CHENGDU: Beijing announced the US consulate in the southwestern city of Chengdu was closed on Monday (Jul 27) morning, after it ordered the facility be shut in retaliation for China being ousted from its consulate in Houston, Texas.
Police in Chengdu restricted access to the area around the consulate on Monday morning, and four officials in personal protective gear could be seen walking towards the consulate at about 10.24am local time.
China ordered the closure of the facility on Friday after Washington last week gave China 72 hours to vacate its consulate in Houston, in a dramatic escalation of tensions between the world’s two largest economies.
Chinese authorities took possession of the closed United States consulate in Chengdu on Monday, the foreign ministry said.
“At 10am on Jul 27, according to the Chinese side’s request, the US consulate in Chengdu was closed. Afterwards, Chinese authorities entered through the front entrance and took it over,” the ministry’s public diplomacy office said in a statement on its official social media account.
The American flag was earlier lowered at the Chengdu consulate. Footage on state broadcaster CCTV from outside the consulate showed the flag being slowly lowered early Monday morning.
Relations deteriorated in recent weeks in a Cold War-style standoff, with the Chengdu mission on Friday ordered to shut in retaliation for the forced closure of Beijing’s consulate in Houston, Texas.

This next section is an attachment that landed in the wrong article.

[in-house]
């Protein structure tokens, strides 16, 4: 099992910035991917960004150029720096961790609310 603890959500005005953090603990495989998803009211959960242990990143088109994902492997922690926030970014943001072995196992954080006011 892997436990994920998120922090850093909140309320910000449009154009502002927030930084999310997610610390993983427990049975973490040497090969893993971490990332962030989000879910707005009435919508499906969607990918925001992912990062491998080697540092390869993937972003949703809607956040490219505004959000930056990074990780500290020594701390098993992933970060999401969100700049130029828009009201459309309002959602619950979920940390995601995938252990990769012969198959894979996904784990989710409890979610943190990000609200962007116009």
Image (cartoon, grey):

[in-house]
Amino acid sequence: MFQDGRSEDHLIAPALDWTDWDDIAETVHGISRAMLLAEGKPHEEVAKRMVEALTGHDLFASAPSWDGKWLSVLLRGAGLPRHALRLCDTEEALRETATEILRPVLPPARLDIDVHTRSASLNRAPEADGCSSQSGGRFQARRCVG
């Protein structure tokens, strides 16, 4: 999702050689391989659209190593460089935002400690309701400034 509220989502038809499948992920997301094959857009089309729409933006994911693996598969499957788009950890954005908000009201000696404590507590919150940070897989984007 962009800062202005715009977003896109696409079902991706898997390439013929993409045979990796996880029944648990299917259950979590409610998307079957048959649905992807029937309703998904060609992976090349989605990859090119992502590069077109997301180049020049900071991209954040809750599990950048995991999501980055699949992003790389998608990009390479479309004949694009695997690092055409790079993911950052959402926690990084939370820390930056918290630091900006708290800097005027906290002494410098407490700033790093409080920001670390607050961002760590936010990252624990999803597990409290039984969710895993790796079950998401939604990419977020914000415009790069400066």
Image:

The road leading to the Chengdu consulate was closed on Monday, with police and cordons blocking the way.
State media reported that staff members had left the compound at around 6am on Monday morning.
On Saturday, AFP reporters saw workers removing the US insignia from the front of the building. Over the weekend, removals trucks entered the site and cleaners were seen carting large black rubbish bags from the consulate.
A constant stream of onlookers in the city of 16.5 million people flowed past, many taking photos.
Beijing says closing the Chengdu consulate was a “legitimate and necessary response to the unreasonable measures by the United States”, and has alleged that staff at the diplomatic mission endangered China’s security and interests.
Foreign ministry spokesman Wang Wenbin told reporters that some US staff in the Chengdu consulate “were engaged in activities outside of their capacity, interfered in China’s internal affairs, and endangered China’s security and interests”.
Washington officials, meanwhile, said there had been unacceptable efforts by the Chinese consulate in Houston to steal US corporate secrets and proprietary medical and scientific research.
Tensions have soared between the world’s two biggest economic powers on a range of fronts including trade, China’s handling of the coronavirus and a tough new security law for Hong Kong, with US officials warning of a “new tyranny” from China.
The last Chinese diplomats left the Houston consulate last Friday, with officials there seen loading large sacks of documents and other items onto trucks, and throwing some in bins.
Beijing said Saturday that US agents “forcibly” entered the Houston consulate, which it said was “China’s national property”.
The statement warned that “China will make a proper and necessary response in this regard”.